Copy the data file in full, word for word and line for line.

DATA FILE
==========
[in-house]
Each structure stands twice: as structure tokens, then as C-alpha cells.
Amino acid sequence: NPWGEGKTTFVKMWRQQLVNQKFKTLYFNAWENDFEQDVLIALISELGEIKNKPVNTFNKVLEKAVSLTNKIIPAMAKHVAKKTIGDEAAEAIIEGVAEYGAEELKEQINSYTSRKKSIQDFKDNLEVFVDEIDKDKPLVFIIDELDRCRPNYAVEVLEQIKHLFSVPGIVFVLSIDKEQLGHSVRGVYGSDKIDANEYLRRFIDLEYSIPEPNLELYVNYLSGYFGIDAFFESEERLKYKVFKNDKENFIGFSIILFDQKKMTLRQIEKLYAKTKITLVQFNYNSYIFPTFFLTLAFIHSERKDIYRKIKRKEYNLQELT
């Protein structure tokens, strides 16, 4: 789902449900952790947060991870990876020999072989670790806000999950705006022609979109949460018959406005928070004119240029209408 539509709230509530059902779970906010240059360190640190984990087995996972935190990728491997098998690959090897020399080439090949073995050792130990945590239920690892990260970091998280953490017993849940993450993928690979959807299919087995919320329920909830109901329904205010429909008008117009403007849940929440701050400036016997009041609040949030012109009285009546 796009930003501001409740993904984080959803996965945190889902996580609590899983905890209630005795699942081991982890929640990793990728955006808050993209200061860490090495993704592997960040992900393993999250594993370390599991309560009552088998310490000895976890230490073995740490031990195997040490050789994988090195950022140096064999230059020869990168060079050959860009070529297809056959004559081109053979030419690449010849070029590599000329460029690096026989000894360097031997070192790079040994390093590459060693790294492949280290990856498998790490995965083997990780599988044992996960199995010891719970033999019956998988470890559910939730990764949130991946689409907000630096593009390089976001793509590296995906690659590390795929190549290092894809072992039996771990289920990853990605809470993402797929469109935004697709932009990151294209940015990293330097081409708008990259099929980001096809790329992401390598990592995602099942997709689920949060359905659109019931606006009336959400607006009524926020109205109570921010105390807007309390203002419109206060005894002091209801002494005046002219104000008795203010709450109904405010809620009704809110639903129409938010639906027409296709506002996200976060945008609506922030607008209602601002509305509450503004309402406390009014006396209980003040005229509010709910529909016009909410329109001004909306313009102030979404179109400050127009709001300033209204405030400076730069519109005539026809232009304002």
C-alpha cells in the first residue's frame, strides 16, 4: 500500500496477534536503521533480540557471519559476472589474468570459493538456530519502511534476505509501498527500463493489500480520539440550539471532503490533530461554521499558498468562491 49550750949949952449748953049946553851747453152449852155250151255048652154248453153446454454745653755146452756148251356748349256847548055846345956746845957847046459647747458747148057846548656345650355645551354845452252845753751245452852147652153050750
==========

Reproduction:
[in-house]
Each structure stands twice: as structure tokens, then as C-alpha cells.
Amino acid sequence: NPWGEGKTTFVKMWRQQLVNQKFKTLYFNAWENDFEQDVLIALISELGEIKNKPVNTFNKVLEKAVSLTNKIIPAMAKHVAKKTIGDEAAEAIIEGVAEYGAEELKEQINSYTSRKKSIQDFKDNLEVFVDEIDKDKPLVFIIDELDRCRPNYAVEVLEQIKHLFSVPGIVFVLSIDKEQLGHSVRGVYGSDKIDANEYLRRFIDLEYSIPEPNLELYVNYLSGYFGIDAFFESEERLKYKVFKNDKENFIGFSIILFDQKKMTLRQIEKLYAKTKITLVQFNYNSYIFPTFFLTLAFIHSERKDIYRKIKRKEYNLQELT
């Protein structure tokens, strides 16, 4: 789902449900952790947060991870990876020999072989670790806000999950705006022609979109949460018959406005928070004119240029209408 539509709230509530059902779970906010240059360190640190984990087995996972935190990728491997098998690959090897020399080439090949073995050792130990945590239920690892990260970091998280953490017993849940993450993928690979959807299919087995919320329920909830109901329904205010429909008008117009403007849940929440701050400036016997009041609040949030012109009285009546 796009930003501001409740993904984080959803996965945190889902996580609590899983905890209630005795699942081991982890929640990793990728955006808050993209200061860490090495993704592997960040992900393993999250594993370390599991309560009552088998310490000895976890230490073995740490031990195997040490050789994988090195950022140096064999230059020869990168060079050959860009070529297809056959004559081109053979030419690449010849070029590599000329460029690096026989000894360097031997070192790079040994390093590459060693790294492949280290990856498998790490995965083997990780599988044992996960199995010891719970033999019956998988470890559910939730990764949130991946689409907000630096593009390089976001793509590296995906690659590390795929190549290092894809072992039996771990289920990853990605809470993402797929469109935004697709932009990151294209940015990293330097081409708008990259099929980001096809790329992401390598990592995602099942997709689920949060359905659109019931606006009336959400607006009524926020109205109570921010105390807007309390203002419109206060005894002091209801002494005046002219104000008795203010709450109904405010809620009704809110639903129409938010639906027409296709506002996200976060945008609506922030607008209602601002509305509450503004309402406390009014006396209980003040005229509010709910529909016009909410329109001004909306313009102030979404179109400050127009709001300033209204405030400076730069519109005539026809232009304002």
C-alpha cells in the first residue's frame, strides 16, 4: 500500500496477534536503521533480540557471519559476472589474468570459493538456530519502511534476505509501498527500463493489500480520539440550539471532503490533530461554521499558498468562491 49550750949949952449748953049946553851747453152449852155250151255048652154248453153446454454745653755146452756148251356748349256847548055846345956746845957847046459647747458747148057846548656345650355645551354845452252845753751245452852147652153050750